Part I: Reinventing a Coaching Firm

By Todd Uterstaedt

Do you love coaching, yet find yourself spending countless hours networking in and around your city? Are you energized by the thrill of a client breakthrough, yet are frequently interviewing for new coaching assignments? Does fleeting hope for new business replace quantifiable returns on these networking and interviewing efforts? If your answers are yes, then you are right where we were in the fall of 2011. We came to the conclusion that there had to be a better way to grow our executive coaching business. We needed to reinvent ourselves.

So, we conducted a global survey to learn about the business models and revenue streams that other coaches use. With a large sample size, the results were clear. The coaches that were really successful focused on a niche. You might be thinking, this is not necessarily a new insight. Right? I would have to agree.

Further investigation revealed something that was new. These successful coaches left their geographic-based practices, which served a wide range of clients, for a tightly focused audience that could be found anywhere in the world. Coaching was just one stream of revenue that they provided to their global, niche audience. They escaped the growth limitations of their city or region, for a "tribe” (as Seth Godin wrote in his book Tribes) that they could bring together from around the world using the power of "search engine optimized” websites, “ownership” of keywords on Google, and the growing variety of social media platforms.

Many of these enterprising coaches realized that the distribution capabilities of the Internet had significantly changed coaching business development. Why call the local generic executive coach who works in many industries, when you can reach out to the executive coach who is the worldwide expert on the very specific niche in which your executive struggles? Chief Information Officers who become CEOs. Executive Asian women struggling in Western firms. Chief Operating Officers who have ADD. Even leaders with a lisp. Clients are increasingly asking this question, “ Who is the expert on _______." Search engines, Skype, high definition cameras, and curated content make it possible for a coach to quickly build a global presence, and a very lucrative business, on very narrow coaching niches.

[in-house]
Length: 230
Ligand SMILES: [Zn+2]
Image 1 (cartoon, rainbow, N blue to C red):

This new insight hit me like ton of bricks. So we made a decision. We were going to find a global niche for our company. Later, I saw a facebook thread that read, "Listen to Lisa Cherney as she teaches you how to 'Ditch the Niche.'" It had to be wrong, I thought. After all, I just finished all this research that underscored the need for a niche. Her viewpoint was more subtle. She made the case for zeroing in on a more nuanced version of a niche, your ideal client - an under-served worldwide group of people you want to passionately serve. We signed up for her "Cash Through Clarity" program and found our OWN "ideal client." It worked. We decided to serve daughters throughout the world who are working in their family’s business. We launched “Daughters in Charge” (www.daughtersincharge.com ) in November 2013. The reinvention of Baker & Daboll began.

The marketplace has changed, and developing a global niche, with an online platform, can help transform your coaching business, too. How do you locate your global ideal client? That will be the next subject of my next blog.

Todd Uterstaedt is President & CEO of Baker & Daboll, LLC, the leading Executive Coaching firm in Cincinnati, OH. He is also co-founder of “Daughters in Charge”, an online community for daughters working in their family’s business.
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